Winter’s coming! So here’s a poem to keep you warm, from our summer workshop with spoken word poet Laura Brown-Lavoie:
once there was a family who used ice from Mashapaug Pond to keep the beer cold at their grocery store
An Ice Cutter Remembers About Winter
It always happens in September,
one morning when the pond is still liquid,
the reeds around its edge still green
and green the leaves on the trees still, or mostly green.
A heron dips her beak into the liquid pond,
pulls from it a fish and flies off
and the splash from her feet on the water is a live summer sound
and the ripples from her reach the shore
where an ice cutter stands,
having just remembered about winter.
Maybe it is the sound of the heron on the water
or a certain sweetness on the breeze,
or maybe the breeze itself, tugging a little on his arm hairs,
but he suddenly remembers, Winter!
Every year it takes him by surprise,
though he has fifty times survived the Rhode Island cold,
though he has for the last thirty of them been an ice cutter–
he and his brother with their long ice saw, drill, and tongs
loaded into a sled which they drag out over the solid pond each January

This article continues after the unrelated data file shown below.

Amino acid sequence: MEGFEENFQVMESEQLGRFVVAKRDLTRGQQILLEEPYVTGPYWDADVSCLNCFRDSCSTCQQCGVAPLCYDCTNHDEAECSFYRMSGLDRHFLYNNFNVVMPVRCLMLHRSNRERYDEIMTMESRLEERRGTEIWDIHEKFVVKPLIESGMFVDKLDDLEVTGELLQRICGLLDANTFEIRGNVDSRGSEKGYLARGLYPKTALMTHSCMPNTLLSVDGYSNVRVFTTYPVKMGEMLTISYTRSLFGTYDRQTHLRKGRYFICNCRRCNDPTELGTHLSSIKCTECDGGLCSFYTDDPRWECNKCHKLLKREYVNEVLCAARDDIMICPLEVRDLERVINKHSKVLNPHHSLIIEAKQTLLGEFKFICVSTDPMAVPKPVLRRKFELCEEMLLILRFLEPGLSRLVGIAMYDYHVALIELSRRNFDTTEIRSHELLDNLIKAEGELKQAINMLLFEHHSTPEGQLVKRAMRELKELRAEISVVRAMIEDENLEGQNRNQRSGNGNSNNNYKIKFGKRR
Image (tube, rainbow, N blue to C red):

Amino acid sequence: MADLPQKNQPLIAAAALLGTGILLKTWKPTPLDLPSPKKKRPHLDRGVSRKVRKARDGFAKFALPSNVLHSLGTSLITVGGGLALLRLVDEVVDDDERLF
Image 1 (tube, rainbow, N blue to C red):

to harvest blocks of ice for the grocery store.
Every year he cuts at the hard face of the pond,
dead reeds frozen in it like whiskers, dead leaves freckles,
his own face leathered by wind,
leather his heavy winter coat, and under that layers and layers of wool,
other animals’ borrowed warmth,
until his body is the hard center of a soft shape.
Yes, every year he clenches howling fingers around the handle of the saw
and saws and saws at the ice
til his body is warmed from within by the vigor of the work
and he can stand out on the face of the pond in just his undershirt tucked into his pants,
and only when he gets back home,
having packed the ice house with iceblocks in sawdust to last all year,
only then does he put his sweaters back on, and has whiskey in his tea
and does not consider having a beer, though that is the ghost which haunts his labor.
This is all to say the ice cutter has known winter on this pond.
But somehow every year, he forgets.
Summer comes and with it a sweet amnesia.
Summertime, there he is by the liquid pond in only his shorts
sunlight picking at the few silver hairs on his chest
a cold beer from the ice box sweating in his hand.
This year, once again, summer came,
he lay at night splayed out on his bed like DaVinci’s man
and forgot the weight of blankets.
Forgot the way a cold breeze can crawl through your buttonholes
and nip your bare chest and pull at its silver hairs,
he forgot hot chocolate,
he forgot the pleasure of socks.
Yes, he forgot, til this morning, the equinox,
standing at that moment where the pendulum reverses its swing.
Here at the edge of the still liquid pond
the breeze has a certain sweetness in it
as it weaves through the still green reeds.
The ice cutter stands, still as a heron,
he thinks of his saw and his sled,
of lying in his bed like DaVinci’s man.
He knows both summer and winter,
and for a moment he holds them both
like twin babies asleep in his hands.